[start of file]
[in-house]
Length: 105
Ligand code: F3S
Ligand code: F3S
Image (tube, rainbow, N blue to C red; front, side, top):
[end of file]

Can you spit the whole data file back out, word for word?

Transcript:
[in-house]
Length: 105
Ligand code: F3S
Ligand code: F3S
Image (tube, rainbow, N blue to C red; front, side, top):